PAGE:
Is Rams' Henley getting break from legal system?

August 09, 1994|By Mark Platte | Mark Platte,Los Angeles Times

IRVINE, Calif. -- With cornerback Darryl Henley having rejoined the Los Angeles Rams, federal authorities and attorneys for other defendants in Henley's cocaine-trafficking case are miffed that he is resuming his career while others accused of lesser roles in the crimes remain in prison.

"My client is not facing a minimum-mandatory 10-year sentence [as Henley is] and yet he's in the Metropolitan Detention Center in Los Angeles," said Joan P. Freeman, a deputy federal public defender whose client is accused of extorting money from Henley and faces a maximum term of three to four years in prison. "I'm having some difficulty with this."

Of the eight defendants who have been charged in the combined cases of extortion and conspiracy to distribute cocaine, only Henley and two others -- one of them his uncle, Rex Henley -- were allowed to make bail when they were arraigned. Darryl Henley is accused of masterminding a drug ring that distributed large amounts of cocaine throughout the country.

Tracy Donaho, a former Rams cheerleader who was named in a federal indictment as a courier for the drugs, was among those given an opportunity to make bail but has since pleaded guilty and is expected to testify on behalf of the government against Henley and the others.

Another of the accused -- James Timothy Saenz, charged in the Henley extortion attempt -- spent 10 months in federal prison. He was released last week when bail was finally set at $10,000. The four others must wait until Jan. 10 for their trials to begin.

"There has been a real disparity in treatment in this case," said one defense attorney in the case who asked that his name not be used. "Darryl Henley is clearly a celebrity who has been in the limelight, and although nobody is saying it, his case has been handled differently."

Henley's attorney defended his client's treatment in the case, saying he poses no risk to others and is not likely to flee.

However, federal prosecutors argued strenuously last December before U.S. Magistrate Ronald W. Rose that Henley should be kept in custody until his trial because he might disappear and is a danger to society.

Last December, a federal grand jury in Los Angeles indicted Henley, Donaho and three others as participants in a conspiracy to transfer two shipments of cocaine from Henley's home in Brea to drop-off points in Atlanta and Memphis, using the 20-year-old Donaho as a courier.

Three men, including one of those charged in the trafficking conspiracy, also have been charged with threatening Henley's life in an attempt to extort $360,000 they say Henley owed them for cocaine they delivered to him. All seven are scheduled to be tried together.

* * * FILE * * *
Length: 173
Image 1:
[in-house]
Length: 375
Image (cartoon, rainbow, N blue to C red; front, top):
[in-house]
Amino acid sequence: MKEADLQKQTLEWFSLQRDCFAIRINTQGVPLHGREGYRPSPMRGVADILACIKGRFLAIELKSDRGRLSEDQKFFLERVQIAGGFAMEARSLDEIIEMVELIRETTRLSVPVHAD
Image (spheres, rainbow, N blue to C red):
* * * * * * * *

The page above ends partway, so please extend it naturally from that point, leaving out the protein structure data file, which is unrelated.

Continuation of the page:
Federal agents began investigating Henley in July 1993, after Donaho had paid cash for a one-way ticket from Ontario International Airport to Atlanta. Such a purchase is taken as an indication that a passenger may be carrying drugs, officials say.

When she landed, agents allegedly discovered 26 pounds of cocaine in a bag she had checked.

Donaho later said Henley had recruited her.

Two months later, Henley -- who was aware of the criminal investigation -- went to police himself to report an extortion attempt. Henley said he was threatened at gunpoint at the Rams' practice facility in Anaheim, Calif. He reported that three men had stolen his car and a 9mm semiautomatic handgun inside. One of the men who allegedly threatened him was found shot to death in nearby West Covina a few hours after the confrontation.

After investigating Henley's extortion claims and arresting RTC several suspects, authorities focused on his alleged involvement the cocaine ring.

Last December, after pleading innocent to the charges against him, Henley was released on $200,000 bail. His uncle, who was indicted last month as part of the cocaine trafficking conspiracy, had his bail set at $500,000.

Responding to the charges of disparate treatment for Darryl Henley, his attorney said the football player is an excellent candidate for release.

"I don't know anything about the prior records about anybody else, but Darryl Henley has never been in trouble in all his life," Roger Cossack said.

"He has been active in charity work, and for the past 10 months has been terrific in terms of making court appearances and keeping in touch with pretrial services."

A condition of Darryl Henley's bail is that he not travel outside the Central District of California, which

includes seven Southern California counties .

Cossack said he will ask for a modification of the bail conditions, allowing Henley to travel with the team.

"I can't see anyone saying that this guy is a flight risk," Cossack said. "He'll be surrounded by 100 people, and millions will be watching him on television every Sunday. It's hard for me to think that the court would not allow Darryl Henley to make a living."

Assistant U.S. Attorney Deirdre Z. Eliot, one of two federal prosecutors handling the Henley case, declined to comment.

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